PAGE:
Shop ’Til You Drop

Shopaholics, we hope you brought an extra suitcase—Toronto has an embarrassment of riches when it comes to covetable goods. While in Toronto for the 2014 EAC Conference, check out these shopping hot spots:

Toronto Eaton Centre

That would be the mega-sized shopping mall just west of the conference venue (just take Shuter Street to Yonge Street). The mall stretches from Queen Street to Dundas Street (it’s book-ended by subway stations) and has hundreds of stores offering fashion, shoes, beauty products, gadgets, and much, much more. Check out Urban Eatery, the massive food court on the lower level, for tasty multicultural eats, and browse the shop directory to see all the great shopping options.

Queen Street West

Take the Queen streetcar west—it’s a great ride if you want to see the city, but it’s also your shuttle to great shopping. You can get off a few stops past Bathurst and walk back. You’ll find loads of indie boutiques featuring all manner of gift-worthy goodies, plus artisanal bakeries, gourmet burger joints and hipster coffee shops. The closer you get to the Eaton Centre, the more chain stores you’ll see (like H&M, Zara, and the Gap). Check out the shop list before going so you don’t miss anything!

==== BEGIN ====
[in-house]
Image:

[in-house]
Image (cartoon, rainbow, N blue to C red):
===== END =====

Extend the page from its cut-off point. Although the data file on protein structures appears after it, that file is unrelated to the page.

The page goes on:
Yorkville and Bloor Street

Shop with the rich and famous! A hippie haven in the sixties, Yorkville is now a glossy hot spot featuring shops, restaurants, and high-end salons. It’s not all designer goods—I love the quirky gift shop Rolo (24 Bellair) and munching on panini sandwiches at Lettieri (Bellair and Cumberland), where the patio is perfect for people-watching, in a neighbourhood where people go to be seen. To get to Yorkville, take the subway to Bay Station, or walk west on Queen or Dundas to Bay Street and take the bus north to Bloor. For more information on the area and its shops, check out Yorkville and Bloor online.

Chinatown and Kensington Market

For seriously fun shopping, walk or take the Queen or Dundas streetcar west to Spadina and troll the shops of Chinatown. You’ll find everything from kitchenware to jewelry (plus, of course, pastries and all-day dim sum). Head a little farther west into Kensington Market, one of Toronto’s storied neighbourhoods. Home to a revolving door of immigrant groups over the decades, the market is now a humming, vibrant ’hood offering multicultural foods, vintage clothing, handcrafted gifts, furniture, and much more.


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